(I will be discussing digital citations using ROLLOVERS as a commenting tool in the .pdf format. Just place your cursor over the word “ROLLOVERS” above to see attached comment).
At left is the beginning of Ulysses. It looks pretty harmless. It’s less than 175 words. However, even Frank Delaney in his weekly blogs spent–I believe–three sessions just on this half page. Note, no interior monologue yet, and this half page reads in a fairly straightforward manner. In fact, many readers might figure that, from the first three pages, that this can’t be much of a fuss. But you don’t know getting weak at the knees yet.
At left, now, are all the possible annotation markings that I can dig out of Ulysses Annotated (yellow) and a few more from myself and other sources (green). Gifford probably has included these also. I just have not found them. The full count is, at this time, fifteen. This divides out as approximately one point of explication every ten words, and we haven’t even gotten started. Far too many to be comforting. I’ve just re-listened to Frank Delaney’s three or four podcasts for Re: Joyce. I find these to be so rich and so engaging that I have to resist temptation and not add these, which would bring the total possibly up to 30. The name Stephen Dedalus is, itself, so rich with meaning that digging out all the meaning that is easily available could stop the book cold.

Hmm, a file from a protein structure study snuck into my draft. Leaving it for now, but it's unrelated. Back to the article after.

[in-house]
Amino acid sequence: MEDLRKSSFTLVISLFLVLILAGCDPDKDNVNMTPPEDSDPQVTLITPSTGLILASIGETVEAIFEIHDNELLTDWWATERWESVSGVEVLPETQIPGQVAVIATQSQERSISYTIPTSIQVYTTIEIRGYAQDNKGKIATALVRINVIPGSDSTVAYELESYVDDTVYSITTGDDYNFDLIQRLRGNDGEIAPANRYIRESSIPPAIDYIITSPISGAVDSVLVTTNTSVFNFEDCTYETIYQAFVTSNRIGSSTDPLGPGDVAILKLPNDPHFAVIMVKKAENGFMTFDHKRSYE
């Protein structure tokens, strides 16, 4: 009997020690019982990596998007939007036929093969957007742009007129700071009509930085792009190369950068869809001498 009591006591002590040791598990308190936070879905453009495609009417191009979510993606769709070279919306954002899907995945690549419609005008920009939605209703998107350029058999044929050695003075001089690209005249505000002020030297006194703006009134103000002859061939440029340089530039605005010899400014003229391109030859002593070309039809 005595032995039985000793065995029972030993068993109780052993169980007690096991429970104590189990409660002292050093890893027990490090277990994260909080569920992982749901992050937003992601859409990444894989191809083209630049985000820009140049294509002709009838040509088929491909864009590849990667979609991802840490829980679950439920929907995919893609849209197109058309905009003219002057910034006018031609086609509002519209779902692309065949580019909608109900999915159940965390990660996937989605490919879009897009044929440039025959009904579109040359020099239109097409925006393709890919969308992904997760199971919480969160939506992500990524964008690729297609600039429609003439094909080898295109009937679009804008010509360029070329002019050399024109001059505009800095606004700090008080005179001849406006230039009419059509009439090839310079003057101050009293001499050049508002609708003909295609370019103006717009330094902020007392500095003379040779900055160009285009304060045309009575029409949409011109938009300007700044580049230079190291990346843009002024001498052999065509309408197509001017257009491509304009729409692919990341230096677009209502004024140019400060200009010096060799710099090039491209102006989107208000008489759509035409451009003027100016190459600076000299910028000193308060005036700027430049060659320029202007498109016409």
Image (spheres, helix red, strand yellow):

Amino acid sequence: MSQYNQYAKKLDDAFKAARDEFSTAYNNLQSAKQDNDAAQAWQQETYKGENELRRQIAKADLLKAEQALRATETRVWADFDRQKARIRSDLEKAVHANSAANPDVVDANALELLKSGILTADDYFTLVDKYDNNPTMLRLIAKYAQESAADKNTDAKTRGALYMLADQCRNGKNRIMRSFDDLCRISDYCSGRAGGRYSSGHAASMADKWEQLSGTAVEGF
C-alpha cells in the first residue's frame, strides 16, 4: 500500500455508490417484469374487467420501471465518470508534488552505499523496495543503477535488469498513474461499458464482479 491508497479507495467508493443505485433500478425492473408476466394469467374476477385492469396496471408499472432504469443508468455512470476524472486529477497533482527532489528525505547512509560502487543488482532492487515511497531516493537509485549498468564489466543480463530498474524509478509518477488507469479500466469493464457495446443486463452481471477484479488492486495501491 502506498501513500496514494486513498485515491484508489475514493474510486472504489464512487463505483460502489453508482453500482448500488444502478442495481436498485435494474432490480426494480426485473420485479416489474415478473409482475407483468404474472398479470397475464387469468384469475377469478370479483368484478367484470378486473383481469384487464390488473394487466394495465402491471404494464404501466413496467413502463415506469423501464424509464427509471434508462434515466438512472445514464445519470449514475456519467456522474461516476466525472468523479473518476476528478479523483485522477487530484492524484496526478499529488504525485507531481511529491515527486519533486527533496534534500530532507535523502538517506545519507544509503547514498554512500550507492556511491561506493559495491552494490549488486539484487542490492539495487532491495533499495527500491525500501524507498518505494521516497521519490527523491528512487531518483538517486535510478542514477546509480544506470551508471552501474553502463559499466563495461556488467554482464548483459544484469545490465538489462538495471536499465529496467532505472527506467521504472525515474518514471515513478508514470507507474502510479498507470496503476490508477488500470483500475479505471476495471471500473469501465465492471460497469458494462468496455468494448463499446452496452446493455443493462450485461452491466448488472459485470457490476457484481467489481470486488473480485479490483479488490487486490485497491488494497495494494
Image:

I will not include the reference Delaney ascribes to Book IX of Homer: “There is a land called Crete in the midst of the wine-dark sea, a fair land and a rich, begirt with water, and therein are many men innumerable”. This is the home of Dedalus, a land compared to Ireland as Dedalus’ flight is comparable to Joyce’s own flight. It also gives meaning to the repeated phrase “on the wine-dark sea”. I have to stop somewhere, even though Delaney viewpoint as a Dubliner and novelist is trenchant in describing the personalities behind the characters of Ulysses.
When there are too many lilypads, they are not lilypads. They are potholes. You may notice the three underlines that mark the rollovers of information that I think are important. I say that, instead of 30, you need three.
We know that the background information in the one hyperlink. You, the new reader, wish to proceed through the text at something approaching your normal rate of speed. If you are prone to be like many readers of Ulysses, you will find the many, many foggy points to be tiring and you will be done reading around the beginning of chapter 3. Just look at the Full MarkUp above. I will tell you, I believe you only need three or, optionally, four. Later on, as you learn to live with and love Ulysses, you will delight in its densities of meaning.